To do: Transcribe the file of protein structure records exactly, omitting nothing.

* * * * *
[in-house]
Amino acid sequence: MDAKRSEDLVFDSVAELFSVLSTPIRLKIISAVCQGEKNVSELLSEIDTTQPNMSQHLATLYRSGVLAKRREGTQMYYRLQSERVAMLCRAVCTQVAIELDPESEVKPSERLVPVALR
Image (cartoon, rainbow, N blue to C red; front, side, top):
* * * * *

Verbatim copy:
[in-house]
Amino acid sequence: MDAKRSEDLVFDSVAELFSVLSTPIRLKIISAVCQGEKNVSELLSEIDTTQPNMSQHLATLYRSGVLAKRREGTQMYYRLQSERVAMLCRAVCTQVAIELDPESEVKPSERLVPVALR
Image (cartoon, rainbow, N blue to C red; front, side, top):